China: Hong Kong
   Under British rule from the mid-1800s, Hong Kong was returned to the People's Republic of China in 1997. It now exists as a Special Administrative Region and as such operates under Hong Kong Basic Law regarding religion. Hong Kong possesses a high degree of religious freedom, and because of its strategic location has become the point of dissemination of many religious groups, including Protestant and Free Churches. Buddhism and traditional Chinese religion remain the dominant religious forces among the population.
   When the British took control of Hong Kong in 1841, Anglicanism in the form of the Church OF ENGLAND was established. An initial chapel was erected and opened for worship the next year. In 1849, the first bishop, George Smith, was consecrated. The work was integrated into the larger field of missionary endeavor in China and Japan. The Anglican diocese survived 20th-century turmoils, but it was not attached to any provincial structure. In 1997, as the governmental changeover became imminent, the new Province of Hong Kong Sheng Kung Hui (aka the Anglican Church of Hong Kong and Macau) was created with three dioceses and a missionary area (Macau). The Anglican Church remains one of the larger Protestant groups in Hong Kong.
   As Hong Kong grew through the 19th century, other churches - the Methodists, Baptists, Congre-gationalists, Presbyterians - arrived and established congregations. The American Baptists actually erected their building before the first Anglican church was completed, and the Congregationalists (represented through the London Missionary Society [LMS]) followed quickly. James Legge (1815-97), a prominent LMS minister/scholar, opened a school in 1843. He played an important role in the development of public education. Those groups that arrived during the first generation of British rule were assisted by government land grants and even some financial assistance, but that came to an end in 1881.
   The older Protestant churches controlled Christian religious life in the years prior to World War II. The Baptist Convention of Hong Kong has survived as the largest Protestant body, and the only one with more than 50,000 members. The Hong Kong Council of the Church of Christ in China (which continues the Presbyterian and Congregationalist churches), the Methodists, and the Lutherans also retain a substantial following. More recently, they have been joined by the Christian and Missionary Alliance, which began work in Hong Kong in 1933 and now reports more than 30,000 adherents.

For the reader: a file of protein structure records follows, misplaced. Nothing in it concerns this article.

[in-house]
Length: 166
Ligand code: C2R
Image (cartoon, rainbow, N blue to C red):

Since 1950, Protestantism has grown both by migration from mainland China (bringing several indigenous Christian groups) and by the establishment of more than 100 new missionary works. Among the indigenous groups now established in Hong Kong are the True Jesus Church (a non-Trinitarian Pentecostal body) and the Local CHuRCH founded by Watchman NEE (which in Hong Kong has given birth to several additional groups). Among the more interesting of the new groups is the Spiritual Bread Worldwide Evangelical Mission, which grew out of the Local Church in the 1950s, and has become a global body with members in more than 20 countries.
   The older liberal Protestant groups have affiliated in the Hong Kong Christian Council (aligned with the World Council of Churches), and some of the more conservative churches and organizations have come together in the Hong Kong Chinese Christian Church Union. The Christian Conference of Asia, which coordinates those national ecumenical councils in Asia related to the World Council of Churches, is headquartered in Hong Kong.
   The Seventh-day Adventist Church, the Church of Jesus Christ of Latter-day Saints, and the Jehovah's Witnesses have been active in Hong Kong, the former two reporting some 10,000 members each, and the latter around 2,500.
   Though a minority community, Protestants view Hong Kong as extremely important. It symbolizes a hoped-for return to religious freedom in China as a whole, and it has become an organizational center and a launching pad for many missionary-minded outreach efforts both inside China and throughout southeast Asia.
   See also Asia; China.
   Further reading:
   ■ Gail V Coulson with Christopher Herlinger and Camille S. Anders, The Enduring Church: Christians in China and Hong Kong (New York: Friendship Press, 1996)
   ■ G. B. Endacott, A History of Hong Kong (New York: Oxford University Press, 1973)
   ■ Nai-wang Kwok, Hong Kong 1997: a Christian Perspective (Kowloon: Christian Conference of Asia, 1991).

Encyclopedia of Protestantism. . 2005.

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